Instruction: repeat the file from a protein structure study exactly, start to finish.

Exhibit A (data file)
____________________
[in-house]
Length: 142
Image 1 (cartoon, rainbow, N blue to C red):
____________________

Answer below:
[in-house]
Length: 142
Image 1 (cartoon, rainbow, N blue to C red):